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Gavel_And_LawWe write with regard to an article published in the New York Law Journal of Wednesday, February 7, 2018, titled “Putative Class Actions For Rent Overcharges,” written by Warren A. Estis and Michael E. Feinstein. The article described a recent decision by Justice Erika M. Edwards in Maddicks v. Big City Realty, dismissing the complaint, at the motion to dismiss stage for, inter alia, failure to establish the CPLR 901(a) prerequisites of commonality and superiority. This firm represents the plaintiffs in Maddicks.

Messrs. Estis’ and Feinstein’s article is misleading in several respects. Their firm, Rosenberg and Estis, represents landlords in multiple class action matters raising similar claims to Maddicks, many of which are currently sub judice. In those currently pending matters, they have put forth Justice Edward’s decision in Maddicks as supporting dismissal of class actions at the threshold stage. Far from being impartial writers, they have a vested interest in how the Maddicks decision is perceived by the members of the bench, many of whom are among your readers. They conveniently fail to disclose that interest.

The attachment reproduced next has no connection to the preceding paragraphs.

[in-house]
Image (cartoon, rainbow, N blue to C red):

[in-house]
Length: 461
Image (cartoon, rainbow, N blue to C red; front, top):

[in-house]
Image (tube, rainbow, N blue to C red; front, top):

Second, the article selectively quotes from Justice Edwards’ opinion in Maddicks, apparently in an attempt to bolster the decision’s implications for class-action practice in the landlord-tenant area. For instance, the article fails to note that Judge Edwards improvidently held that a class-action is not superior because the analysis of class claims “could be onerous”—a hypothetical determination that not only was premature at the pre-class certification, motion to dismiss stage, but which is unsupported in law, and is a standard that could be wrongfully used to dismiss any class action.

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